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I have a Rails 3.2 app that is serving stale content. A typical scenario:

  1. an admin adds some new records in the back-end
  2. user goes to view the index page for those resources
  3. they don't show up on the page
  4. they refresh; the resources are now there
  5. they refresh; the resources are not there
  6. etc.

I created a model/controller/view so I could test this out:

# app/models/cache_query_test.rb

class CacheQueryTest < ActiveRecord::Base

# app/controllers/cache_query_tests_controller.rb

class CacheQueryTestsController < ApplicationController
  def count
    @count = CacheQueryTest.count
    @mysql_time = CacheQueryTest.find_by_sql("SELECT NOW() AS mysql_time")

    respond_to do |wants|
      wants.text { render :layout => false }

# app/views/cache_query_tests/count.text.erb

Rails MySQL Time: <%= @mysql_time.first.mysql_time %>
Ruby Time:        <%= "%Y-%m-%d %H:%M:%S" %>
Rails MySQL Count: <%= @count %>

I also have a small shell script running that periodically adds records to the cache_query_tests table in the app's MySQL database so that, in theory, the database isn't caching queries.

When I hit the URL that displays my test page, I get a mixed bag of results, like:

Rails MySQL Time: Mon Sep 16 10:40:57 UTC 2013
Ruby Time:        2013-09-16 10:40:58
Rails MySQL Count: 177


Rails MySQL Time: Mon Sep 16 09:47:46 UTC 2013
Ruby Time:        2013-09-16 10:16:32
Rails MySQL Count: 165


Rails MySQL Time: Mon Sep 16 09:50:02 UTC 2013
Ruby Time:        2013-09-16 10:41:32
Rails MySQL Count: 167

and so on...

In all cases, the "Ruby Time" is current and correct, so the page itself isn't getting cached. However, as you can see, the "Rails MySQL Time" is often out of sync with Ruby Time. As well, the "Rails MySQL Count" is quite often wrong too, despite the fact that I am adding records to the database, so this is why I think that something within the Rails stack is performing query caching.

To the best of my knowledge, Rails is only supposed to do query caching within a request. Here, something (maybe MySQL? maybe Rack? maybe Rails?) is doing it across requests. Frankly, I'm pretty stumped about where to go from here. While I would love a solution :), I'd also like some more opinions on where the problem could lie.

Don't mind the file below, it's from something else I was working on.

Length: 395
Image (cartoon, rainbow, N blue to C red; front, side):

share|improve this question

Though it's difficult to tell for certain (as this relies on your MySQL configuration, not your Rails configuration) the most likely answer here is that your MySQL server is using query cache. From the documentation:

The query cache stores the text of a SELECT statement together with the corresponding result that was sent to the client. If an identical statement is received later, the server retrieves the results from the query cache rather than parsing and executing the statement again. The query cache is shared among sessions, so a result set generated by one client can be sent in response to the same query issued by another client.

You can verify whether or not this is occurring on the database layer by using the query cache select options. Try changing your SQL statement to something like this:

@mysql_time = CacheQueryTest.find_by_sql("SELECT SQL_NO_CACHE NOW() AS mysql_time")

I bet afterwards you'll find that the time changes every time you retrieve it.

share|improve this answer
According to the MySQL caching documentation, MySQL isn't supposed to cache queries with NOW() in them, and is supposed to clear the cache when records are INSERTed (like I am doing). Still, I'll give it a shot. Thanks. – Marc Sep 16 '13 at 17:10
Just to follow up with the above, that didn't work :( – Marc Sep 16 '13 at 23:12
up vote 0 down vote accepted

Just to help any unlucky SOB that ends up here with the same problem, we eventually traced this to the Octopus gem ( Note that I'm not sure if this behaviour is intended or configurable, so I don't want to blame Octopus, but rather just note that this was the cause.

share|improve this answer

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